Henry Clifton Sorby was born in Attercliffe, into a wealthy middle class family. He became one of the last great Victorian gentleman amateur scientists. Sorby's interests spanned the whole range of the sciences and his collection, much of which he donated to Sheffield Public Museum, reflects that. It contains rocks, fossils, botanical illustrations, eggs, shells, lantern slides, microscope slides, marine invertebrates and water colour paintings, many of which were painted from his yacht, The Glympse. Sorby is significant in a very wide range of fields, but is perhaps most notable for his pioneering work on microscopical techniques. He was the first person to realise the importance of looking at rocks and minerals under microscopes. Even though he was often ridiculed in the early part of his career for "looking at mountains under microscopes," he never let anyone sway him from his course. He was a pioneer in the new field of spectroscopy - using reflected light to determine chemical composition. This enormously important area of science led to Sorby being honoured in the field of astronomy, which uses spectroscopy to determine the chemical makeup of stars. Perhaps his most significant achievement within Sheffield was his work with metallurgy. He identified the crystalline structure of iron. This discovery took all of the guess work out of steel manufature, which had, up until that time, been as much an art as it was a science. Sorby is without doubt one of, if not the most significant scientists from Sheffield. He died in 1908, shortly after donating a significant sum of money to Sheffield University, which he had fought to be established. Fifteen years after this, several existing scientific societies in Sheffield amalgamated to form the Sorby Scientific Society in his honour. This ultimately became the Sorby Natural History Society, which is still extremely active to this day.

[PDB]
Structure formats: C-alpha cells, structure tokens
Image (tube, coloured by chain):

For more information on Henry Clifton Sorby, go to www.sorby.org.uk.